This is all to say that if you're buying a Steam Machine expecting the full Steam experience — that is, access to every game on the service — be wary. If there are specific games you want to be able to play, make sure to go to Steam's website and check that those products run in Linux first.


There are a lot of games you can play on this system right out of the box. A lot a lot. But how you play them and what you're willing to put up with can greatly impact that. If you're looking to only play games installed on the Steam Machine, then you're looking at about 1,500 right now. A big number, but one missing a lot of huge franchises. If you're looking for a game that installs and natively supports the controller, you're looking at even less: about 900. But if you're willing to stream your games from another Windows PC in your home, then you can play anything in the library.

That's good news for current PC gamers, but I'm not entirely convinced that they are the market Valve is after. If you own a PC already, you're either going to set it up in the room where you want to play or use the much less expensive Steam Link to stream to your TV of choice.

If you don't own a computer and this is it, then your launch game options are heavily weighted with indie games. That's not a bad thing, but it may be a hard sell for those on the fence.

Hopefully, things will change and the few big AAA titles already supported on Linux and SteamOS (like Borderlands The Pre-Sequel) will be joined by many more. Until then, I think Steam might struggle to find the right, broad market.



Along the way of figuring out how to solve all these problems for the Steam Machine, we built the Steam Link. This is basically like taking a feature out of the full Steam Machine and making a dedicated box for it. Streaming on Steam Machines or via Steam Link is for people that already have a high-end PC.

That streaming feature exists in Steam Machines also. In fact, it exists on any PC running Steam. We think that's a good option for all of our users now.


Here's the solution for people who want to play anything, even Windows-only products, on their Steam Machine. I didn't actually get a chance to test this much, so I can't speak to the quality and fidelity of streaming games from a PC to your Steam Machine or from your Steam Machine to another computer.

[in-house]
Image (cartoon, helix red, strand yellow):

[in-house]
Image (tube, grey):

What I will say is that I'm not certain this is an option that actually adds much to the hardware. It's cool that it's there as a possibility, but I have to assume that most people who are throwing down hundreds of dollars for a Steam Machine don't already own a fully functional gaming PC on the side. There will be exceptions to that, of course — I'm one of them! — but this seems like a small bonus at best.


Steam streaming has always been something that feels genuinely miraculous when you use it. Streaming to a television, even more so. That said, it does run into issues on occasion, marring the Steam Machine experience.

When connecting the Steam Machine to my desktop PC in my office worked, I was able to play games nearly hiccup-free. But on occasion my desktop PC machine would run into an issue and pop up an error message, which I couldn't see from my living room and which had to be resolved before I could stream anything. This resulted it me trudging downstairs, turning on my monitor, figuring out the issue and then walking back upstairs to try again. It can be an exasperating exercise and one that I had hoped Valve would have figured out a solution for by now.

If you don't run into those issues — and they're not that common in my experience — streaming is a viable solution to playing your entire Steam library on your television of choice.Babykayak